It is a basic principle of education that children are most naturally and effectively educated in their first language, their mother tongue, the language to which they most resort in daily life. It is also desirable that children should, through education, have access to languages of significance in their life context, in addition to the mother tongue if necessary. In Thailand, English is the priority language of significance. Hence, our children need to be educated in both languages. The purpose of bilingual education is to do exactly that in the most effective manner.

At Sarasas Ektra School, we have decided that the most effective procedure is to teach the core curriculum in both languages – English and Thai. After the initial high immersion years (infant grades), the essential concepts and terminology of a subject, eg Science, are taught first in Thai and then built on and expanded in English. Sarasas Ektra does not support the Malaysian model, where certain core subjects (Maths and Science) are taught solely in English. There is no benefit in doing that and Thai language and culture suffer where that occurs. Especially in Maths and Science, the Thai language contains the conceptual, technical and procedural vocabulary on which those subjects are based. There is no benefit in denying Thai students the richness of their own language and intellectual tradition in these areas.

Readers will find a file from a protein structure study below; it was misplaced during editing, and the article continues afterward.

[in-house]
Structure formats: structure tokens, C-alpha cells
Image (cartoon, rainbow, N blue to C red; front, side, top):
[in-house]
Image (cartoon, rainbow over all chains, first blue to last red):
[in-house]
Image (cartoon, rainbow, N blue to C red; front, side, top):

Bilingual education recognizes the child as a person, not merely a resource to be developed. A person’s mother tongue is a core element in his or her identity and the natural vehicle through which to learn. Likewise, a person exists spiritually and socially by expanding, and the acquisition at school of a further language of real significance is a most empowering form for that necessary expansion.

Bilingual education affirms the child’s identity and subjectivity. At the same time, it works towards the attainment of desired educational and linguistic outcomes for each child as a participant in both Thai and international society.